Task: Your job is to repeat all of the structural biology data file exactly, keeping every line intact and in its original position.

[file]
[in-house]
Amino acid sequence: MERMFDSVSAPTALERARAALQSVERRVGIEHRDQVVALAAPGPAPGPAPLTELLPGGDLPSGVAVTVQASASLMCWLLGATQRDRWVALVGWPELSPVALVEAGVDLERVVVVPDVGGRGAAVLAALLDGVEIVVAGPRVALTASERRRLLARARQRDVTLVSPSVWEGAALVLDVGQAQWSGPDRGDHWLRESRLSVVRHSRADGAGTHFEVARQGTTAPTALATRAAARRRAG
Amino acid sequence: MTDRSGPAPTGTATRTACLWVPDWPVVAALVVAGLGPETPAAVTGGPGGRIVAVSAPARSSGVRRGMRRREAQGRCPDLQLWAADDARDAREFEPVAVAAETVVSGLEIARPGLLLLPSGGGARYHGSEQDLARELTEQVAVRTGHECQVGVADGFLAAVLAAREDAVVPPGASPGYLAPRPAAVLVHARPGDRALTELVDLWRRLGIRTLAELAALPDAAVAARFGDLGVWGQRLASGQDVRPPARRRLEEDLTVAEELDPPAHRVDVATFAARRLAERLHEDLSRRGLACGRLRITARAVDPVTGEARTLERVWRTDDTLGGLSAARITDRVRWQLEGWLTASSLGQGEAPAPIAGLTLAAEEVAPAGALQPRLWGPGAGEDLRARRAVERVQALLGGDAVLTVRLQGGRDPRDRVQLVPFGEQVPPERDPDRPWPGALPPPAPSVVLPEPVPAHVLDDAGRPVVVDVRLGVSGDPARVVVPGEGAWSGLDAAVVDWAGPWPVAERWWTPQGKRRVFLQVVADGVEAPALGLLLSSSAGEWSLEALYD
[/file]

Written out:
[in-house]
Amino acid sequence: MERMFDSVSAPTALERARAALQSVERRVGIEHRDQVVALAAPGPAPGPAPLTELLPGGDLPSGVAVTVQASASLMCWLLGATQRDRWVALVGWPELSPVALVEAGVDLERVVVVPDVGGRGAAVLAALLDGVEIVVAGPRVALTASERRRLLARARQRDVTLVSPSVWEGAALVLDVGQAQWSGPDRGDHWLRESRLSVVRHSRADGAGTHFEVARQGTTAPTALATRAAARRRAG
Amino acid sequence: MTDRSGPAPTGTATRTACLWVPDWPVVAALVVAGLGPETPAAVTGGPGGRIVAVSAPARSSGVRRGMRRREAQGRCPDLQLWAADDARDAREFEPVAVAAETVVSGLEIARPGLLLLPSGGGARYHGSEQDLARELTEQVAVRTGHECQVGVADGFLAAVLAAREDAVVPPGASPGYLAPRPAAVLVHARPGDRALTELVDLWRRLGIRTLAELAALPDAAVAARFGDLGVWGQRLASGQDVRPPARRRLEEDLTVAEELDPPAHRVDVATFAARRLAERLHEDLSRRGLACGRLRITARAVDPVTGEARTLERVWRTDDTLGGLSAARITDRVRWQLEGWLTASSLGQGEAPAPIAGLTLAAEEVAPAGALQPRLWGPGAGEDLRARRAVERVQALLGGDAVLTVRLQGGRDPRDRVQLVPFGEQVPPERDPDRPWPGALPPPAPSVVLPEPVPAHVLDDAGRPVVVDVRLGVSGDPARVVVPGEGAWSGLDAAVVDWAGPWPVAERWWTPQGKRRVFLQVVADGVEAPALGLLLSSSAGEWSLEALYD